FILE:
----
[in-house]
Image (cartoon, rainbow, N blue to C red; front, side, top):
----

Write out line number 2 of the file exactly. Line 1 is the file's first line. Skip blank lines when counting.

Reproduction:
Image (cartoon, rainbow, N blue to C red; front, side, top):